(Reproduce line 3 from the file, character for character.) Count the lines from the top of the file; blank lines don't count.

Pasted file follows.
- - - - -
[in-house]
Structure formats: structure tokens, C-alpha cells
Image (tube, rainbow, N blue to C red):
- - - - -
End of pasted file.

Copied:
Image (tube, rainbow, N blue to C red):